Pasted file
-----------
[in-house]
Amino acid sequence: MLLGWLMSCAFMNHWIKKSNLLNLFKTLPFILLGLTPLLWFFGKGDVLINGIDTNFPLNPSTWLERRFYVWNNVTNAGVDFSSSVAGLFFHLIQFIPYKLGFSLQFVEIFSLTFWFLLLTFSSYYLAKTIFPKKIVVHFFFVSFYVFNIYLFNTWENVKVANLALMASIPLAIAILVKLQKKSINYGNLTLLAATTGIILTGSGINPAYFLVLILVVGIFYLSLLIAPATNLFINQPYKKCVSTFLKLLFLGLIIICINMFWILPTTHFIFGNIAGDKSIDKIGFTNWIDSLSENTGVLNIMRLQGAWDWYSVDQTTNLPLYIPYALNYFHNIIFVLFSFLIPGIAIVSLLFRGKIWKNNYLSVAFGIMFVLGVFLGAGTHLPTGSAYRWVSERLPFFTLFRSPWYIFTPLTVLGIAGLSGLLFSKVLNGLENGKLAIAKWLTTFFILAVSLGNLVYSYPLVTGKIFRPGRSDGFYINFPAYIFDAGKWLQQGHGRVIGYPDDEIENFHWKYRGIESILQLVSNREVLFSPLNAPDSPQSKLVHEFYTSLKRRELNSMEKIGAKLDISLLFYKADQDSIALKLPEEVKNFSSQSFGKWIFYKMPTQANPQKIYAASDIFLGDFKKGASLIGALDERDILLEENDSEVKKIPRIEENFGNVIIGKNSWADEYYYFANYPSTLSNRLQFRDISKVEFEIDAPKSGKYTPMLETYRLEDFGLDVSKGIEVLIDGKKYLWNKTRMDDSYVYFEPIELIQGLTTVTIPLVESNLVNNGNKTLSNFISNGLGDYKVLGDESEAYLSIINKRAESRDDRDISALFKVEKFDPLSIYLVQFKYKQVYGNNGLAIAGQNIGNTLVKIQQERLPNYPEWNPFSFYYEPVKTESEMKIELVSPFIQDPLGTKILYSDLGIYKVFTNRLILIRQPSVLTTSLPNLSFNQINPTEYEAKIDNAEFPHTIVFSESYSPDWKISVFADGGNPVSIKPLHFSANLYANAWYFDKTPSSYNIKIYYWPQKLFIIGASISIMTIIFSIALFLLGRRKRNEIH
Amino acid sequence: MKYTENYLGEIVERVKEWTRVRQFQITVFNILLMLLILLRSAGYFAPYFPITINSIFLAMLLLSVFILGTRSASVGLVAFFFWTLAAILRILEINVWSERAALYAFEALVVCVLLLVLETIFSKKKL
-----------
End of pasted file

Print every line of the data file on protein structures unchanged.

[in-house]
Amino acid sequence: MLLGWLMSCAFMNHWIKKSNLLNLFKTLPFILLGLTPLLWFFGKGDVLINGIDTNFPLNPSTWLERRFYVWNNVTNAGVDFSSSVAGLFFHLIQFIPYKLGFSLQFVEIFSLTFWFLLLTFSSYYLAKTIFPKKIVVHFFFVSFYVFNIYLFNTWENVKVANLALMASIPLAIAILVKLQKKSINYGNLTLLAATTGIILTGSGINPAYFLVLILVVGIFYLSLLIAPATNLFINQPYKKCVSTFLKLLFLGLIIICINMFWILPTTHFIFGNIAGDKSIDKIGFTNWIDSLSENTGVLNIMRLQGAWDWYSVDQTTNLPLYIPYALNYFHNIIFVLFSFLIPGIAIVSLLFRGKIWKNNYLSVAFGIMFVLGVFLGAGTHLPTGSAYRWVSERLPFFTLFRSPWYIFTPLTVLGIAGLSGLLFSKVLNGLENGKLAIAKWLTTFFILAVSLGNLVYSYPLVTGKIFRPGRSDGFYINFPAYIFDAGKWLQQGHGRVIGYPDDEIENFHWKYRGIESILQLVSNREVLFSPLNAPDSPQSKLVHEFYTSLKRRELNSMEKIGAKLDISLLFYKADQDSIALKLPEEVKNFSSQSFGKWIFYKMPTQANPQKIYAASDIFLGDFKKGASLIGALDERDILLEENDSEVKKIPRIEENFGNVIIGKNSWADEYYYFANYPSTLSNRLQFRDISKVEFEIDAPKSGKYTPMLETYRLEDFGLDVSKGIEVLIDGKKYLWNKTRMDDSYVYFEPIELIQGLTTVTIPLVESNLVNNGNKTLSNFISNGLGDYKVLGDESEAYLSIINKRAESRDDRDISALFKVEKFDPLSIYLVQFKYKQVYGNNGLAIAGQNIGNTLVKIQQERLPNYPEWNPFSFYYEPVKTESEMKIELVSPFIQDPLGTKILYSDLGIYKVFTNRLILIRQPSVLTTSLPNLSFNQINPTEYEAKIDNAEFPHTIVFSESYSPDWKISVFADGGNPVSIKPLHFSANLYANAWYFDKTPSSYNIKIYYWPQKLFIIGASISIMTIIFSIALFLLGRRKRNEIH
Amino acid sequence: MKYTENYLGEIVERVKEWTRVRQFQITVFNILLMLLILLRSAGYFAPYFPITINSIFLAMLLLSVFILGTRSASVGLVAFFFWTLAAILRILEINVWSERAALYAFEALVVCVLLLVLETIFSKKKL